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Clinical presentation

Patients with PAH are often asymptomatic in the early stages and it is only as the condition becomes advanced and exercise tolerance limited that they present to medical attention. Initial symptoms can be non-specific and a high proportion of cases are misdiagnosed at first presentation.

There can be a delay of several years between first onset of symptoms and final diagnosis and this delay is not falling over the years (see table below)


Delay Between First Symptoms and Diagnosis (yrs)

Proportion of Patients in Functional Class III or IV at Presentation (%)

American Registry 1987 (1) 2.03 71
French Registry 2006 (2) 2.25 75


Presenting Symptoms​

The American prospective study (1) identified the common initial symptoms of the condition and these are summarised in the table beside.

Initial Symptoms Patients (%)
Dyspnoea 60%
Fatigue 19%
Syncope or near syncope 13%
Chest pain 7%
Palpitations 5%
Leg oedema 3%


Examination Findings

The signs of pulmonary hypertension are those of right heart strain and right heart failure and include:

Signs of right heart strain

  • a left parasternal heave

  • loud second heart sound (P2)

  • widening of the physiological splitting of P2

  • pansystolic murmur of tricuspid regurgitation (TR) at the left sternal edge

  • early diastolic murmur of pulmonary regurgitation

Signs of right heart failure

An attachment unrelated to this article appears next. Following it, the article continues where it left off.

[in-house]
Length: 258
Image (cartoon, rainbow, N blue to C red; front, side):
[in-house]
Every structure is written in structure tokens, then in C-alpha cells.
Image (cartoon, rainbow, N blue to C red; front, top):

• right ventricular third heart sound

  • elevated JVP

  • hepatomegaly

  • peripheral oedema

  • ascites

The lungs are usually clear with no pleural effusions unless pulmonary veno-occlusive disease (PVOD) is present.


CXR is abnormal in 90% of cases (prominence of the main PA, the RV or RA; enlarged hilar vessels; decreased peripheral vessels)(3).


ECG shows right axis deviation in 79%, right ventricular hypertrophy in 87% and right ventricular strain in 74% (1,3). Arrhythmias are rarely seen on the ECG.

Transthoracic echocardiography is the best non-invasive method for establishing the likelihood of pulmonary hypertension. The peak velocity of the TR jet (TRVmax or v) can be used to calculate the Tricuspid Regurgitation Pressure Gradient (TRPG):

TRPG = 4 x v squared

Using this, we can estimate the right ventricular systolic pressure (RVSP) using the formula:


where RAP is the right atrial pressure (~5-10mmHg in the normal subject, estimated by the diameter and respiratory variability of the IVC). In most cases RVSP is equivalent to systolic pulmonary artery pressure (sPAP or PASP), and mean pulmonary artery pressure (mPAP) can be calculated using the equation:

mPAP = 0.61 x sPAP + 2mmHg

Whilst cardiac echo is a very useful tool it can only estimate PA pressure in the presence of a TR jet (~74% of subjects). Additionally the correlation between pressures at cardiac echo and cardiac catheterisation is good (0.57-0.93) but not perfect and the actual value must be confirmed invasively.



(1) Rich S et al. Primary pulmonary hypertension. A national prospective study. Ann Intern Med 1987; 107:216-223.

(2) Humbert M et al. Pulmonary arterial hypertension in France. Results from a national registry. AJRCCM 2006; 173: 1023-30.

(3) Galie N et al. Guidelines for the diagnosis and treatment of pulmonary hypertension. Eur Heart J 2009; 30:2493-2537.